Flash: Berkeley City Council's Special Meeting Online Tonight at 6

Berkeley Councilmember Kate Harrison
Tuesday March 17, 2020 - 03:02:00 PM

There is an emergency meeting regarding the novel coronavirus and the City response to it tonight at 6pm at 1231 Addison St. As always you can watch via live webcast here, and tonight you are especially encouraged to do so. Because this is an emergency special meeting, we know that many will not have yet had the opportunity to read through the materials, and so all four items will be summarized below, followed by a list of frequently asked questions. The situation is changing rapidly, and we are doing our best to communicate any changes to you. If you have any further questions, please do not hesitate to reply to this email and ask. 

Berkeley City Council Special Meeting, 3/17, 6pm 

1. Ratification of Recommendations Issued by the Director of Emergency Services and the Public Health Officer Regarding Meetings of Legislative Bodies. 

To substantially limit public gatherings, the recommendation is to suspend or limit meetings of commissions, policy committees, or the full Council in the following ways: 

  • Full meetings of the Berkeley City Council: the City will continue to advise and implement social distancing by limiting the capacity of the Council Chambers, providing an overflow room, attempting to limit the duration of the meeting, only conducting essential business, and limiting or suspending ceremonial items.
  • Council Policy Committee Meetings: the Agenda and Rules Committee and the Budget and Finance Committee may continue to meet. All other policy committees (public safety, health and life enrichment, land use, and facilities and environment) are suspended. The 120 day deadline to vote an item out of committee has been waived.
  • Boards and Commissions: all Boards and Commissions shall not meet for a period of 60 days. The only exception is for quasi-judicial commissions, or commissions that serve a role mandated by law, shall be allowed to meet only regarding items that are time-sensitive and/or mandated by law. The vast majority of commission meetings will be suspended for the next 60 days.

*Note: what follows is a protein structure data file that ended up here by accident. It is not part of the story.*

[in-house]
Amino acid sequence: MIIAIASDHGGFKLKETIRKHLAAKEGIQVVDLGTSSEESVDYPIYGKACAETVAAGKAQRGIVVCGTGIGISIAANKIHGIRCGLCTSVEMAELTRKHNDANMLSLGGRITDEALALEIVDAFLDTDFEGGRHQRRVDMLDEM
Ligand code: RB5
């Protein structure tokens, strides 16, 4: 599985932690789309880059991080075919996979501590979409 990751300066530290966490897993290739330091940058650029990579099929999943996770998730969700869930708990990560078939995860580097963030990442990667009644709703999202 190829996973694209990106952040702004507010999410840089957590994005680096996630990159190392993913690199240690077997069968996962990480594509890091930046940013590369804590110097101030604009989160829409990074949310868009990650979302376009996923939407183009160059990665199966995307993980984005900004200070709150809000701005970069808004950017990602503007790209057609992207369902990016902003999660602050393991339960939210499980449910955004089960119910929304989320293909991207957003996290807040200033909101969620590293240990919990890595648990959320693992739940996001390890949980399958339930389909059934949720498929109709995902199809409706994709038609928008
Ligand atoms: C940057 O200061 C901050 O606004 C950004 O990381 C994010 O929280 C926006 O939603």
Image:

2. The COVID-19 Emergency Response Ordinance 

The coronavirus has caused many workplaces to furlough their employees or cut their hours. This loss of income affects tenants' abilities to pay their rent at the end of the month and could lead to evictions. The safest place for people to be is inside their homes. We must make sure that the disease does not spread because people lose their homes. The emergency ordinance disallows evictions because of lost income. In times like this evictions are a matter of public health. 

3. Berkeley COVID Relief Fund and Expanding Flexible Housing Pool 

The coronavirus is proving to be disastrous for renters, small businesses, and arts organizations. Businesses and nonprofits are instructing employees to stay home, many without pay. Gig workers and those with performance contracts will no longer be working and garnering income. Rent payments to local landlords will be delayed which could lead to eviction and possibly impact the ability to pay mortgages and property maintenance. 

To that end, the City Manager is requested to create a tax-exempt special fund up to $3 million dollars, to provide gap assistance to small businesses and arts organizations significantly impacted (demonstrated decrease in gross receipts or patronage) by the COVID-19 state of emergency. The City Manager is requested to consider all federal, state, grants and philanthropic funding available to provide economic relief to businesses and arts organizations which can be leveraged with the City’s additional funding. 

Rent assistance to tenants will be administered by Bay Area Community Services (BACS) under their current contract for the Flexible Housing Subsidy Pool. Tenants with demonstrated impact from the COVID19 epidemic will qualify for access to Flexible Housing Subsidy funds for this purpose. 

4. Strategies for Special Populations During COVID-19 Crisis 

Referral to the City Manager to develop and implement strategies to address the needs of populations in Berkeley who face unique challenges during the COVID-19 crisis. These populations include the homeless, people with disabilities, seniors, single parents with children, the food insecure, undocumented immigrants, and stranded visitors. Each of these populations face unique obstacles to social distancing, obtaining medical treatments, and other necessary responses to the coronavirus. The City Manager’s Office is hard at work identifying locations for the trailers and tents to be provided by the state and readying City facilities for use. Our office is also asking that the City protect individuals experiencing homelessness through deploying Porta Potties, more handwashing stations, trash pickup, rodent control, utilizing public billboards to distribute information, and allowing homeless advocates to provide services and supplies.